Is your finance department logging extra hours just to manage all the financial paperwork this tax season?
We know it is. And that’s why we highly recommend shifting to robotic process automation (RPA) to cut the clutter.
As an emerging technology, RPA competes with intelligent/cognitive technologies such as artificial intelligence (AI) and machine learning. But unlike most emerging tech, RPA is one of the most affordable options because it’s based on a cost-effective software platform. That’s why small-business finance managers should consider adopting it.
We understand that a key challenge for adopting any new technology is a lack of proof of concepts and use case stories that makes it hard to convince small-business owners and leaders to adopt RPA.
However, small-business finance managers who adopt RPA in accounting improve the accuracy of managing financial data by about 95 percent. This helps them process tax filing 3 to 4 times faster, with 70 percent more cost savings in the accounting process.
Note: This article is intended to educate small businesses on the international income tax landscape for remote employees. It is in no way intended to provide financial advice. For detailed financial advice please contact your tax consultant.
With 70 percent of global employees working remotely at least once a week, remote working—or telecommuting—is one of the key workplace trends in 2019.
As a result, small businesses must navigate the muddy waters of deducting payroll taxes based on international business tax regulations while hiring or sending employees abroad to work remotely.
Since international tax regulations differ from country to country, some key challenges that small businesses must address include:
- Avoiding double taxation
- Classifying remote employees as independent contractors or freelancers
- Deducting Social Security and Medicare
- International tax forms for a remote employee
Small-businesses owners not well-versed in international business tax regulations will see the above items as an obstacle.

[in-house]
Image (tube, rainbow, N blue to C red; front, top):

If you think you’ve got your customers packaged up neatly in one place, think again: A recent study from Forbes shows that only 34 percent of executives feel like they have a single view of their customer.
Disparate data sources spread across departments are causing a fragmented view of the customer. When data from customer service, marketing, and CRM software is siloed, no one really gets an accurate or complete picture of who their customers are. Leads turn cold, and customers vanish into thin air.
The only way to get a holistic view of the customer is by creating a centralized customer database that has a strong architecture and pulls data from other sources. As the default home of customer data, your CRM is a great place to start. There are such things as dedicated customer database platforms, but if you’re just starting out, a CRM is your most accessible entry point.
Making your CRM the central hub of your customer data will give you a holistic picture of customers and will increase your customers’ lifetime value by providing more useful information to be able to target customers more accurately.
Here’s how to find your real target customers by creating a customer data hub.
Data is is not only your most valuable asset, it’s pervasive.
But how you churn data into actionable business insights is what will help you grow your revenue, increase your customer base, and cut costs.
So, how do you do it? Should you hire full-time expert data analysts or should you outsource it to professionals? Or will self-service business intelligence (BI) tools suffice?
By 2030, IT’s primary focus will shift to providing strategic business value by delivering innovative products and services. However, traditionally siloed and process-driven IT departments are not well suited for the speed and adaptability needed to take advantage of emerging digital business opportunities.
This means that IT and business strategy must be aligned to boost the responsiveness and agility that will be required to compete in the future. This can be accomplished by embracing collaborative management techniques and increasing autonomy among IT staff. To build context for the future of IT, here are a few of my predictions for information technology in the year 2030: